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    Re: Deionizing resin to remove iron?

    Quote Originally Posted by stev32k View Post
    Resin will work very well. It is used to produce ultra high purity water for high pressure boilers and laboratory use. In addition to removing iron it will also remove Calcium, Magnesium, and other cations. The draw back is that it's very expensive and you need to monitor and adjust pH as the cations are removed. It's been many years since I last bought any resin, but the price used to be in the range of $200 per cu ft. The resin needs to be monitored and replaced or regenerated as it gets depleted. It's capacity to remove iron is limited depending on how much is used and the type so you have to measure the iron levels into and out of the resin to know when it's time for replacement or regeneration.

    I have a feeling that the cost might be prohibitive for a residential pool.
    Do you have any idea how much iron one cu. ft. might remove?

    I have a feeling you are right about the cost being prohibitive, at least for most people. In the long run, it might break even, but most people shy away from the lump sum investments even though they will be cheaper in the long run.
    TreeFiter

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    Re: Deionizing resin to remove iron?

    Treefiter, did you happen to catch this thread: Just got Taylor-2006 Test Kit. Want to verify what I should add.

    Check out the pictures in 8 and 9.
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    Re: Deionizing resin to remove iron?

    Quote Originally Posted by Richard320 View Post
    Treefiter, did you happen to catch this thread: Just got Taylor-2006 Test Kit. Want to verify what I should add.

    Check out the pictures in 8 and 9.
    I haven't seen this one specifically, but I have seen a few posts regarding home made iron traps. Very clever, but I think with these filters, only the oxidized (insoluble) iron is being picked up. Sometimes this gets most of it, since we add strong oxidizers like chlorine to the water, but the situation I'm dealing with is a bit different.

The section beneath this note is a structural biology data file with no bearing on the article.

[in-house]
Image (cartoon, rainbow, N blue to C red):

Its really kind of interesting. The pool was a nightmare, and nobody could figure out how to clear it up. Finally it landed in my lap, and I got it straightened out. Strange things were happening in this pool. The pool guy before me knew the pool had a history of iron problems, so he tried to "fix" them with a sequestrant. The sequestrant caused all of the calcium to precipitate, and cloud the water. So I approached the cloudy water as an algae issue, and it didn't seem to get much better until I blind vacuumed the pool and saw that in the middle of this pool was a pile of white (saw it coming out the waste line). We stopped using the sequestrant, and a few days later, the pool started to clear up. Then we saw that the entire liner was orange. So we hit it again with the sequestrant, which did lift the iron stains, but it turned the water cloudy again due to the calcium precipitate. This was how we figured out that it was the sequestrant causing the cloudiness. At that point I started looking for other ways to deal with iron. We never had the typical greenish or rusty looking water. We barely had a rusty backwash. The iron just kept coming back on the liner.